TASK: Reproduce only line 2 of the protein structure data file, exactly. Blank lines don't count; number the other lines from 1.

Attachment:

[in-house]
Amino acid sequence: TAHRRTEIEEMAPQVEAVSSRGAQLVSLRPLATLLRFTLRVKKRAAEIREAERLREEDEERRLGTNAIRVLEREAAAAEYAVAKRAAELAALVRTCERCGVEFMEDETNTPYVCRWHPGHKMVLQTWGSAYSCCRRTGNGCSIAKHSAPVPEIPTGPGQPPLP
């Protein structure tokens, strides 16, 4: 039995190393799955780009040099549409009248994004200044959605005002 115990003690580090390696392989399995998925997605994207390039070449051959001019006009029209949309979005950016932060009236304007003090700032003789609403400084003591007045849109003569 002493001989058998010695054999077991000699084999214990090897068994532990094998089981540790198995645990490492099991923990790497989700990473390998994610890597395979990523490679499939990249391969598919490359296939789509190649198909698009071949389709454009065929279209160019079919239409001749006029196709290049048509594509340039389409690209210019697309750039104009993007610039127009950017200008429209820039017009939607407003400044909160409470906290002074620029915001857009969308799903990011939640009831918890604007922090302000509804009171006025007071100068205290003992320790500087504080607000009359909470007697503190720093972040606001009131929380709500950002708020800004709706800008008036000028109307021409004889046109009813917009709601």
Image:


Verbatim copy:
Amino acid sequence: TAHRRTEIEEMAPQVEAVSSRGAQLVSLRPLATLLRFTLRVKKRAAEIREAERLREEDEERRLGTNAIRVLEREAAAAEYAVAKRAAELAALVRTCERCGVEFMEDETNTPYVCRWHPGHKMVLQTWGSAYSCCRRTGNGCSIAKHSAPVPEIPTGPGQPPLP